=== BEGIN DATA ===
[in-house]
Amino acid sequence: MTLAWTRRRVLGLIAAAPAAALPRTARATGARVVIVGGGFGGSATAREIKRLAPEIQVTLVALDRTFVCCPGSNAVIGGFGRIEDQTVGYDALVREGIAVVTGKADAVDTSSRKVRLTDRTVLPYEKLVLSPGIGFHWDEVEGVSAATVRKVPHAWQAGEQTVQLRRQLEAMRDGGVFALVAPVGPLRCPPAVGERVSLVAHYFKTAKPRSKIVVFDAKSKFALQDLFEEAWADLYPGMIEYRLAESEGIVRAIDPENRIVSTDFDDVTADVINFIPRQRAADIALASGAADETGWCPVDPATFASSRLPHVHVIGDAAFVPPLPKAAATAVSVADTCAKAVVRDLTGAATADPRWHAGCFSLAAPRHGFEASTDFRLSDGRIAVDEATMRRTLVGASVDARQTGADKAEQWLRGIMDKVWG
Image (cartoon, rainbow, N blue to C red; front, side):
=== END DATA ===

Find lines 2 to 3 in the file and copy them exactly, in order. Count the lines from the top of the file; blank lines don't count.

Amino acid sequence: MTLAWTRRRVLGLIAAAPAAALPRTARATGARVVIVGGGFGGSATAREIKRLAPEIQVTLVALDRTFVCCPGSNAVIGGFGRIEDQTVGYDALVREGIAVVTGKADAVDTSSRKVRLTDRTVLPYEKLVLSPGIGFHWDEVEGVSAATVRKVPHAWQAGEQTVQLRRQLEAMRDGGVFALVAPVGPLRCPPAVGERVSLVAHYFKTAKPRSKIVVFDAKSKFALQDLFEEAWADLYPGMIEYRLAESEGIVRAIDPENRIVSTDFDDVTADVINFIPRQRAADIALASGAADETGWCPVDPATFASSRLPHVHVIGDAAFVPPLPKAAATAVSVADTCAKAVVRDLTGAATADPRWHAGCFSLAAPRHGFEASTDFRLSDGRIAVDEATMRRTLVGASVDARQTGADKAEQWLRGIMDKVWG
Image (cartoon, rainbow, N blue to C red; front, side):